• Leaks of greenhouse gases: At least one study has suggested that the fracking process can result in significant release of methane during the development process. Methane is a significant greenhouse gas.

Can these Issues be Resolved?

So, can these issues be resolved and safe production occur? It’s the million dollar question. Most within the gas industry believe the answer is yes, but the industry must convince the public and regulators. The U.S. Environmental Protection Agency (EPA) is currently performing a comprehensive study with results expected by 2012 (see http://water.epa.gov/type/groundwater/uic/class2/hydraulicfracturing/index.cfm). France has banned fracking until studies are complete. On a domestic front, New Jersey has halted all fracking until more research is done, and many other U.S. states are grappling with the question of how to regulate fracking. And it is possible that the EPA study may lead to federal regulations on fracking.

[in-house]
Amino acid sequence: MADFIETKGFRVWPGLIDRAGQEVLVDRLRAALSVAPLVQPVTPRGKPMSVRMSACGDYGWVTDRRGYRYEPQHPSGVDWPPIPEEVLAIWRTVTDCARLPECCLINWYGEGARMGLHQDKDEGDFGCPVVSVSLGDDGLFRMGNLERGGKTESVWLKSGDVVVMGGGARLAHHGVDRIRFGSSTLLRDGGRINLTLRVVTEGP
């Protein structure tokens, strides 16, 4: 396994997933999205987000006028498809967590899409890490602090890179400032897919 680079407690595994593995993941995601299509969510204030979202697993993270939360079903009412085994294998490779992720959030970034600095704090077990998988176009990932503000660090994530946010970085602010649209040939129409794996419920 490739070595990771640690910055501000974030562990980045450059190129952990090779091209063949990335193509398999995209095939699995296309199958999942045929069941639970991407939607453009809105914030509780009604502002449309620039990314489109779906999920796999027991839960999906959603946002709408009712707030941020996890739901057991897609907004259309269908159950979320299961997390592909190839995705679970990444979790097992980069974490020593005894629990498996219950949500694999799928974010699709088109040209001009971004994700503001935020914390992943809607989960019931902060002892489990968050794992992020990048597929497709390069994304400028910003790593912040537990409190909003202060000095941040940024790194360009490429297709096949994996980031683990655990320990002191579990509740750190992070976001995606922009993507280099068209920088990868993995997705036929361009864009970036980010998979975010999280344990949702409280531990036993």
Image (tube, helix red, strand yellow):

Worst-case scenario? The public and policy makers decide that fracking is unsafe and suddenly natural gas supplies are very tight, which will result in major gas price increases. A best-case scenario is that the production industry works closely with scientists, regulators and the public to develop and implement safe techniques that allow for exploitation of huge gas resources. It remains to be seen whether the outcome is worst-case, best-case or somewhere in between. 

Meanwhile, the U.S. Department of Energy (DOE) is also looking into safety issues related to developing shale gas. Chu said he sees evidence that "bad things have happened," including water pollution where fracking fluids and natural gas have appeared in drinking water supply.

"The question is, what is the cause of that, and how can they be prevented and mitigated," Chu said. "Science will give us better ways of monitoring what is going on."

A sub-panel of scientists set up by the DOE to come up with recommendations released a report on August 11 (http://media.npr.org/documents/2011/august/Shale_Gas_Production_90_Day_Report.pdf). It suggests that impacts of fracking are manageable, but it also presented a number of recommendations on how fracking could be made safer.

"The question is, what is the cause of that, and how can they be prevented and mitigated," Chu said. "Science will give us better ways of monitoring what is going on."